The UV-Vis spectra of resultant AgNPs solution samples which were diluted to 0.1 mM calculated as Ag+ concentration using deionized water were measured on an UV-2401PC, Shimadzu, Japan [9, 11, 13]. The AgNPs size and size distribution were determined by TEM images on a JEM 1400, JEOL, Japan, followed the method described by Li et al. [11] and Phu et al. [9].

2.4. Antifungal Activity of AgNPs/Chitosan

Rubber-leaf extract media were used for C. cassiicola culture. The rubber-leaf extract was prepared by boiling 200 g of fresh rubber leaves (free disease) in 1000 ml distilled water for 45 minutes and followed by filtering to remove residue and adjusting pH ~ 6.5. One liter of rubber-leaf extract was mixed with 20 g agar and supplemented with AgNPs at different particle sizes 5; 10; and 15 nm, and AgNPs concentration varied from 10 to 90 ppm before autoclaving at 121°C, 1 atm for 20 min. Fungal samples with diameter ~4 mm were cultured on the center of rubber-leaf extract agar plates and incubated in dark condition at 28 ± 2°C. Five replicate plates were applied for each concentration or particle size text and all experiments were repeated in triplicate. The colony diameters of C. cassiicola in the medium were measured every 24 hours and the antifungal efficiency of AgNPs/chitosan was calculated using the following:where  (mm) and  (mm) are fungal colony diameters on the medium with or without supplemented with AgNPs, respectively.

2.5. Scanning Electron Microscopy (SEM) Analysis

Approximately 5 ml solution containing 7.5 and 12.5 ppm of AgNPs was spread on fully developed C. cassiicola mycelia grown on rubber-leaf extract agar media by a sprayer. The control was applied by distilled water in the same volume. All applications were done with the time interval of four days and were incubated at room temperature. The SEM images of treated samples were observed on a FE-SEM S4800, Hitachi Co., Tokyo, Japan, at an accelerating voltage of 10 kV.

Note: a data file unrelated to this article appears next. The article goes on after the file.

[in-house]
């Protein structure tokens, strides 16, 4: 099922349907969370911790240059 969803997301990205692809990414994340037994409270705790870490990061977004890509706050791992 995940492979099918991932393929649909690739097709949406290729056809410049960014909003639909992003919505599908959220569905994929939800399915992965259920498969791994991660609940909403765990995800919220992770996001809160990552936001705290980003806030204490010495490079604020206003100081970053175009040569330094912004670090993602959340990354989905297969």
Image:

2.6. In Vivo Fungicidal Effect of AgNPs against C. cassiicola on Rubber Plants

Nine-month-old rubber trees (disease-free) were grown and maintained in a greenhouse before the experiment. For testing the elimination effect of AgNP on fungal pathogen C. cassiicola, leaves of 210 disease-free rubber trees (30 plants for each treatment) were first wounded before inoculating with 300 mL C. cassiicola solution containing 104 fungal spores/mL. The control ones were foliar sprayed with the same volume of distilled water. After infection about 7 days, the number of disease-infected plants reached to about 50% for all of the treatments; 50 mL AgNPs solution with concentrations of 2.5, 5, 7.5, 10, and 12.5 ppm was foliar sprayed every 3 days up to 3 times. The number of disease-infected plants and the number of disease-infected leaves in each treatment were observed after 7 days within 28 days of experiment. Plant and leaf disease incidence (DI) were expressed in percentage (%) and calculated by using the following [14]:

Each experiment was carried out in triplicate and data were statistically analyzed using the analysis of variance (ANOVA) test. The mean values were compared using Duncan’s multiple range test at a probability level at 5%.

3. Results and Discussion

3.1. Radiation Synthesis of Silver Nanoparticles/Chitosan by γ-Ray Irradiation